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2 of 2 people found the following review helpful
4.0 out of 5 stars A fore-runner in the race for domestic energy self-sufficency, 21 Mar 2010
R. F. Stevens "richard23491" (Ickenham UK) - See all my reviews
This review is from: The Autonomous House: Planning for Self-sufficiency in Energy (Paperback)
The Autonomous House is a detailed, and (in 1975) revolutionary book on how to make the most out of your house with the least impact on the environment while aiming for the least cost. It does not always hit the target, and the writing can often be dense with very long paragraphs, but all the information is there, all the first principles, and all the most useful solutions. The drawings are crystal clear and to the point, the tables and graphs are typical of what might be produced by official bodies and salesmen, but here are clearly explained and useful, so we will be able to understand them when we meet them again in a different context.

I've always been interested in energy efficiency, having grown up in Africa with a father who was a leading meteorologist, a highly cost-effective cloud-seeder, and a pioneer of energy efficient building design and the use of solar energy. His projects of the 1950s and 1960s turned out to be warm in winter, cool in summer, and with almost no utility company power usage.

So back in the 1970s I was very pleased to find this book, and also the Solar Home Book: Heating, Cooling and Designing with the Sun by Bruce Anderson and Michael Riordan, when considering how to improve the energy efficiency of my standard English house built in the 1920s. They enabled me to build experimental designs of solar collectors and storage systems, and work out their cost effectiveness in my application. I ended up implementing none of their suggested schemes, too much capital cost was involved, but I learned a lot and ended up with a practical alternative.

Since the late 1970s my house has benefited from an air heat-exchanger which paid for itself in the first three years, and currently costs about fifteen pounds a year to run but saves about five thousand kilowatt hours (KWh) a year, worth about one hundred and fifty pounds, in recovered heat (winter) and cooling (summer). It is only background heat, and we still have an A* condensing gas boiler for high-grade heat, but my gas consumption in 2010 is less than twenty-five thousand KWh compared with nearly fifty thousand in 1972, even though the house has grown to double its original size. Of course the house needs to be draught proof and well insulated, but with the positive circulation system we always have fresh pollen-filtered air, and all damp, stale and smelly air is removed, and the house is secure because the windows can stay shut. I would never have thought of this, nor attempted to install it if I had not been given the confidence to do so by the information and ideas in these two books.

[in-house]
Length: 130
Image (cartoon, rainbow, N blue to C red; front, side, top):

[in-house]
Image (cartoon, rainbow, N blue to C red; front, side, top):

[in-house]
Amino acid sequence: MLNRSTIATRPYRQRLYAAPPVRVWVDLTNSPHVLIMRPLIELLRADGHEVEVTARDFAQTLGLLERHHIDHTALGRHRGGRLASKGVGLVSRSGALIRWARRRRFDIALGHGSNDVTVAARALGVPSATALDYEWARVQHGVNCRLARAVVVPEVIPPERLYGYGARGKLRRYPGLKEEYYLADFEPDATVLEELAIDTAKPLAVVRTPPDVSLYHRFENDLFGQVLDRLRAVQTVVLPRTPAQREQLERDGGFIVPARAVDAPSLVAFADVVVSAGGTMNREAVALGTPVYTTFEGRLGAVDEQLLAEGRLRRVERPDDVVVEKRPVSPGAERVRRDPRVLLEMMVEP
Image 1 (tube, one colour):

This book is now more relevant than ever with the high costs of energy, and all the principles still apply. Read it to be better informed and be more able to differentiate between the many expensive scams and the genuine green energy savers.

The Vales have produced a later edition, The New Autonomous House: Design and Planning for Sustainability but I have not read that so cannot comment on it.
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The Autonomous House: Planning for Self-sufficiency in Energy
The Autonomous House: Planning for Self-sufficiency in Energy by Robert Vale (Paperback - 21 July 1975)
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